My journey in the field of GIS and Remote Sensing started back home in India when I was working with the Space Application Center, Indian Space Research Organization in the year 2016. The joy and happiness I received from looking at the Remotely Sensed imageries for hours and to discover the things I can achieve with the use of GIS techniques made me firm to pursue further into this field.
I arrived at Michigan Tech for my master’s in the field of GIS in Fall 2016, in the College of Forest Resources and Environmental Sciences and was fortunate enough to begin my MTU journey with my advisor Dr. Ann Maclean. After completion of my MS degree, I started my PhD in Spring 2019 with Dr. Maclean. During my research, I focused on using high and ultra-high spatial resolution NAIP and Drone (UAS) imageries to map and monitor the natural habitat communities of the Hiawatha National Forest using machine learning algorithms. The goal of this study was to develop a robust approach using remotely sensed imagery and geomorphological variables to classify the complex vegetation and wetland communities and generate GIS maps which can be extremely useful to resource managers and/or officials to manage the forests in a timely and efficient manner, monitor vegetation changes, and help in enhancing decision making. Along with my PhD research, I am part of a national-level Forest Health Mapping project with the U.S. Forest Service since Fall 2018 where we use high-resolution NAIP imagery along with other variables and developed a model to detect and map individual tree mortality.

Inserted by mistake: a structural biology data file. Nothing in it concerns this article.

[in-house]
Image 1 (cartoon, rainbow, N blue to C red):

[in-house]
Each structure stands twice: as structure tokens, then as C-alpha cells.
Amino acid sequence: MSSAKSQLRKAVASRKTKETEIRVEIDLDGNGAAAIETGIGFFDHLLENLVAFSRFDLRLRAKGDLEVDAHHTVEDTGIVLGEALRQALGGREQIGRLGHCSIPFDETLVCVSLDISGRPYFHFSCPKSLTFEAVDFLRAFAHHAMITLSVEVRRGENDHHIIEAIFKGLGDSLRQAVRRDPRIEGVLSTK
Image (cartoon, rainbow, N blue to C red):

I have fully enjoyed my MS and PhD life in the Keweenaw Peninsula, Houghton and CFRES-MTU has awarded me with some of the best things, memories, and blessed people in my life. I am full of gratitude towards my advisor Dr. Ann Maclean for her constant support and guidance throughout this journey at MTU. I am grateful to the Graduate Dean Awards Advisory Panel for the finishing fellowship award and to help me get one step closer to my endeavors.